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October 27 Philadelphia Inquirer:
“Less than 24 hours after their coach gave them a tongue-lashing in the media, the Flyers responded Tuesday night at the Wells Fargo Center.
For one night, at least, they showed the intensity – and their trademark hell-bent forecheck – that had been missing in some games.
For one night, their power play came to life and they got production from more than one line.
For one night, they mostly resembled the team that clawed its way to the Stanley Cup Finals last season.
Flyers 6, Buffalo 3.
In one of their best all-around performances of the season, the Flyers committed a season-low four penalties and rebounded from a listless 2-1 defeat in Columbus the previous night.
“I think it’ll help everybody relax, and hopefully get some guys going offensively,” center Danny Briere said.
Briere, Nik Zherdev, Darroll Powe, Claude Giroux, Jeff Carter, and Andreas Nodl (empty-netter) scored for the Flyers, and goalie Sergei “Bob” Bobrovsky improved to 3-2.
The Flyers scored three power-play goals – as many as they had in their first eight games – in five attempts. They were 3 for 35 on the power play before Tuesday.
Buffalo trimmed a 5-1 lead to 5-3 on two third-period goals.
“We were a little frustrated in Columbus and we weren’t having fun,” Giroux said. “Tonight we were disciplined and playing hard – and having fun doing it.”
Philadelphia Daily News:
“Chris Pronger is not looking for sympathy. He just wants to feel like himself again.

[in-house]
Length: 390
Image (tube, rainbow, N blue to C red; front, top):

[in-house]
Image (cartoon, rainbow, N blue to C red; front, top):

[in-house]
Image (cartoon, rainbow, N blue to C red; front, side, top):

Through his first seven games this season after having his right knee surgically repaired in the offseason, Pronger hasn’t been, well, Pronger.
While you would not be able to tell on the stat sheet – Pronger’s plus/minus is 3 – he doesn’t quite look like the stalwart who guided the Flyers to the Stanley Cup finals last season. He acknowledged yesterday that his knee still isn’t at 100 percent.
“Did anyone say I was 100 percent?” Pronger asked. “I don’t think I’ve ever said I was 100 percent.”
Pronger, 36, missed the first two games of the season, nursing the injury, but was back for the Flyers’ home opener against Colorado.
Even though the situation is not ideal, Pronger is dealing with the injury as best he can. He was quick to acknowledge his game isn’t where he wants it to be at this point.
But it’s still early.
“I don’t know where it was supposed to be at this point,” Pronger said. “I think every day it’s getting a little bit better and a little bit stronger. I’m skating, trying to move around more and trying to do a little bit more.
“Some days, I need to take maintenance days. It feels better some days than others.”
October 27 Philadelphia Daily News:
“IT STARTED the same way Monday’s abysmal night in Columbus ended for the Flyers.
Then, Sean O’Donnell decided he had seen enough.
Only 21 seconds after Buffalo scored the game’s first goal, less than 9 minutes into the first period, O’Donnell dropped the gloves with Cody McCormick to spark his team. He did more than just enliven the 19,361 inside the Wells Fargo Center.
O’Donnell’s scrap roused the Flyers’ offense and power play out of a lifeless slump, and they went on to a 6-3 win over the Sabres.
“I think the game switched right around then,” Flyers coach Peter Laviolette said of O’Donnell’s fisticuffs. “We were a little sluggish in the first 5 minutes of the first period. For me, that seemed to be the turning point right there.
“It brought a little energy to the building, a little energy to the bench. From there, we were able to play good hockey.”
It was the first win of the season for the Flyers (4-4-1) in which the opponent had scored first.
O’Donnell’s fight is proof that sometimes there is a place for fighting in hockey. Not only can it act as a way for players to police themselves, but it can also be a built-in shot of adrenaline.
Last night’s was O’Donnell’s 108th fighting major of his NHL career.
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